Tax Day served as a rallying day and a measuring date for the grassroots Tea Party in Mississippi. In its first year, Tea Party members packed town hall meetings; hosted health care forums; assisted in putting two initiatives on the ballot; debated on talk radio; dialogued in newspapers; marched on Washington; registered voters; and rallied across the state.

It is hard to say exactly what the "Tea Party" has done because the term refers more to an idea than to one organization. Various groups (Tea Party, Tea Party Patriots, Tea Party Rangers, 9-12 Project, and others) share a similar lower taxes, smaller government, "Don't Tread on Me" message. Last week, these various groups rallied on Thursday (Tax Day) and Saturday across the state in Biloxi, Columbus, Greenwood, Gulfport, Hattiesburg, Hernando, Laurel, Jackson, Oxford and Starkville.

In Jackson, a Thursday of rally of "We the People" from Byram and a contingent of 9-12 Project supporters took to the State Capitol Steps numbering several dozen. Then Saturday, the Central Mississippi Tea Party sponsored an event of a couple of thousand activists from the Jackson-metro area and across the state.

The event started Saturday morning at the Mississippi Fair Grounds and featured political speeches from Republicans, Democrats, independents, and third-party candidates. When I drove up the sound system was blasting "Paradise City" by Guns N Roses and then moved into "Bullet And A Target" by Citizen Cope as activists and candidates milled about sporting political shirts, signs, and flags. Messages like, "Repeal the Hill then the Bill" and stickers that read "Flip This House 2010" made evident the crowd's focus on November's elections.

State Representative Alex Monsour (R-Vicksburg), whose efforts to fight Obamacare on a state level has made him a hero of sorts to the Tea Party movement, gave the keynote speech on the Tenth Amendment to the Constitution before the group marched the several blocks up to the State Capitol Building.

A few hundred folks were already at the Capitol and while they waited for the marchers to arrive, the organizers opened the mic up to anyone to speak about their own passions drawing an 83-year-old woman to climb the steps to speak about her fears of where the country is heading, and a 16-year-old girl from Tupelo taking the mic to deliver a pro-life message.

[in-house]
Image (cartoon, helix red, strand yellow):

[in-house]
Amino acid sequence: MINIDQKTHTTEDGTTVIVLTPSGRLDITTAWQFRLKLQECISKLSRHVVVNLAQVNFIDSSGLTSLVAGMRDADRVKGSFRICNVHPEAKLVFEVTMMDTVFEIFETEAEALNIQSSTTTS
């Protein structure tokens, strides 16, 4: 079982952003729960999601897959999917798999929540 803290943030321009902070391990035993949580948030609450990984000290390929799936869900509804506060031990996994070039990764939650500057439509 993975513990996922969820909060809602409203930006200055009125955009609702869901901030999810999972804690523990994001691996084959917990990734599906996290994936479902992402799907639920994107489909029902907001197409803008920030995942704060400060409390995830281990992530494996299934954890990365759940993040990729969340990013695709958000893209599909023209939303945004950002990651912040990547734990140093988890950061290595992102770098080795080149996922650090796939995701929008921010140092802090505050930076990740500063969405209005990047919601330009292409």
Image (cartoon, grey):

The program at the Capitol included speeches on limited government, free markets, the Constitution, fiscal responsibility, and getting involved.

Mike Odom, a member of the Mississippi Tea Party's communication team, told me their three core values are "Fiscal Responsibility, Constitutionally-Limited Government, and Free Markets." The speeches echoed that sentiment and does a New York Times / CBS News national survey of tea party supporters. The survey found the most important issue facing our country today for Tea Party supporters are the economy (23 percent), jobs (22 percent), and politicians/government (13 percent). Religious values garnered 3 percent; moral values took 2 percent; and abortion, immigration, and education all came in at 1 percent each. That is not to suggest these supporters believe those values are unimportant, but it does indicate this movement is not a rebirth of the "Moral Majority" or the "Christian Coalition."

The anti-debt, anti-tax, anti-spend movement could be more similar to the Ross Perot movement in early 1990s that cobbled together a coalition of conservative leaning voters into the Reform Party. But the Reform Party's identity was forever tied to its leaders: Ross Perot who left the party in tatters twice, Jesse Ventura who used and then rejected the Reform Party in his Minnesota gubernatorial campaign, Pat Buchanan who captured the Reform Party and ultimately provided its final spiral into irrelevance.

The Tea Party focuses on issues rather than personalities. Certainly some individuals appeal more than others, but there is an independence which suggests members would ill receive someone else choosing who they should support.

The Tea Party is also not a debating society; it is about action. Members are focused on voter registration, voter education, and organizing on a precinct level to turn out conservative voters. In the past year, the Central Mississippi Tea Party has grown from 300 web site members to more than 2100 and nearly 1700 Facebook fans. Those who identify themselves with the Tea Party greatly exceed those numbers.

Democrats hoping the Tea Party will split Republicans will be disappointed. They have no desire to create a third party and do not intend on fielding "Tea Party" candidates on the ballot. Meanwhile, Mississippi Republican Party Chairman Brad White praises their work and Gov. Haley Barbour defends their activism.

What will the Tea Party accomplish in year two? We shall see after November. But that they will continue to be a voice in Mississippi over the next twelve months is as certain as death and taxes.

Brian Perry is a partner in a public affairs firm. You can reach him at reasonablyright@brianperry.ms.